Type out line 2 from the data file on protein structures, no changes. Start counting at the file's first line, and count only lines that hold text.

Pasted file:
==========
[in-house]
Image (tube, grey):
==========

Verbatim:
Image (tube, grey):